As the pessimist-in-residency at CFIF, I have to unhappily report that I find it virtually impossible to muster an interpretation of the Supreme Court’s ObamaCare decision as optimistic as the one that Tim notes below from George Will.
My thoughts track most closely with those of my friend and podcast partner John Yoo (you can hear me lead John and Richard Epstein in a discussion of the ObamaCare decision here). Here’s John, writing over the weekend in the Wall Street Journal:
Conservatives are scrambling to salvage something from the decision of their once-great judicial hero [Chief Justice Roberts]. Some hope [The ObamaCare ruling] covertly represents a “substantial victory,” in the words of conservative columnist George Will.
After all, the reasoning goes, Justice Roberts’s opinion declared that the Constitution’s Commerce Clause does not authorize Congress to regulate inactivity, which would have given the federal government a blank check to regulate any and all private conduct. The court also decided that Congress unconstitutionally coerced the states by threatening to cut off all Medicaid funds if they did not expand this program as far as President Obama wants.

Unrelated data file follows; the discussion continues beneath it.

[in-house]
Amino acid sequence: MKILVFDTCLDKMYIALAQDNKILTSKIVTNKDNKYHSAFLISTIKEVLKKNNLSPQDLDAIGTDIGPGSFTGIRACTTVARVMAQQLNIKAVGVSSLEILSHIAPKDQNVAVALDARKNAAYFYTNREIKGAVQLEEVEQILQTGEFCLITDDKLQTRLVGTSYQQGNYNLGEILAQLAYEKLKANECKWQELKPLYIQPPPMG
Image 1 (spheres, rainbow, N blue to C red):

All this is a hollow hope. The outer limit on the Commerce Clause in Sebelius does not put any other federal law in jeopardy and is undermined by its ruling on the tax power … The limits on congressional coercion in the case of Medicaid may apply only because the amount of federal funds at risk in that program’s expansion—more than 20% of most state budgets—was so great. If Congress threatens to cut off 5%-10% to force states to obey future federal mandates, will the court strike that down too? Doubtful.
Worse still, Justice Roberts’s opinion provides a constitutional road map for architects of the next great expansion of the welfare state. Congress may not be able to directly force us to buy electric cars, eat organic kale, or replace oil heaters with solar panels. But if it enforces the mandates with a financial penalty then suddenly, thanks to Justice Roberts’s tortured reasoning in Sebelius, the mandate is transformed into a constitutional exercise of Congress’s power to tax.
John, I fear, is right. Finding conservative principles in the constitution has zero cash value when they don’t effect the ultimate outcome (though they admittedly did, in limited fashion, with the Medicaid expansion). As for banking on them paying dividends in the future? That depends on the deference that future incarnations of the Court are willing to give to the Roberts decision. And that’s a reed too thin to bear the weight that conservatives are attempting to load upon it.